The rise in athleisure, which took yoga pants from the studio to the streets as everyday wear, has given rise to greater use of synthetics, though that’s come with its pros and cons.
Though cotton hasn’t been top of mind when it comes to performance apparel, brands are tapping the natural fiber for their in-demand activewear, and the gap between what cotton can do and what synthetics can do may be shrinking.
“Performance activewear, traditionally, has been dominated by synthetic fibers, sought after for their lightweight performance by brands and retailers,” said Mark Messura, senior vice president in the global supply chain marketing division at Cotton Incorporated. “Consumers have always welcomed cotton, but just have not seen enough of it offered. But that’s changing.”
Innovative cotton activewear products are making more and more appearances on store shelves, and according to Messura, brands like Orvis, Outdoor Research and Mammut have brought more of these goods to market to fill what’s becoming a growing consumer demand.
“These tops and outerwear products are part of the activewear assortment that consumers are looking for—and they feature innovations in moisture management and water repellency that consumers have come to expect in high performance apparel,” Messura said.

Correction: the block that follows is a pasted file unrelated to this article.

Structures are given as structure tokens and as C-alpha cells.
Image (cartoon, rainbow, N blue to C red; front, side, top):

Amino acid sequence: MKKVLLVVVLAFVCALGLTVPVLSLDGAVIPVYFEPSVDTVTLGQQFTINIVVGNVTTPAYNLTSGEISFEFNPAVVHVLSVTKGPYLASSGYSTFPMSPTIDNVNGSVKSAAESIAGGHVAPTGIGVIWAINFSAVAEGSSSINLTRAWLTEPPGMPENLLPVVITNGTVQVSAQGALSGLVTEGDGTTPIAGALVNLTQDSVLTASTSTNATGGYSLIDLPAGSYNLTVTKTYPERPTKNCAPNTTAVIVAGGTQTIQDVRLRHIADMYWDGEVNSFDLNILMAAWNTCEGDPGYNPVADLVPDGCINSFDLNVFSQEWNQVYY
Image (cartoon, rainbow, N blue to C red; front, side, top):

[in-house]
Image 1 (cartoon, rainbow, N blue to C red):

Cotton activewear, according to experts who wear it and brands who use it in their products, can be more comfortable next to the skin, more breathable, lighter in weight with a drape that also adds to comfort, and perhaps most importantly, it doesn’t retain odor.
“Cotton washes clean—polyester and nylon do not,” Messura said. “That’s a big performance advantage for cotton in a category where consumers are, by definition, active.”
Agreeing with that sentiment, Jason Duncan, senior director for tactical, innovation and CSR at Seattle, Washington-based Outdoor Research said cotton’s ability to wash clean without retaining odor has been key to the fiber’s increased uptake in activewear.
“If athletes are recreating in a hot/humid climate, the hydrophilic nature can be a benefit in certain situations where evaporative cooling is desired,” Duncan said. “Blending with functional synthetics or pre-treatment of the yarns broadens the assortment in our industry.”
Advancements in cotton activewear
Answering the 58 percent of consumers who want activewear that washes clean and the 46 percent who want gear that monitors hydration, according to Cotton Incorporated research, the organization, which is dedicated to advancing cotton production and manufacturing, has developed several technologies to improve the fiber’s performance capabilities.
TransDRY, for one, offers moisture management performance. The yarn treatment gives product developers and designers flexibility to incorporate this performance in specific areas of the garment. Under Armour is already using it in its Charged Cotton collection, Eddie Bauer uses it for its FreeDry range and The North Face has used it in garments with its FlashDRY technology.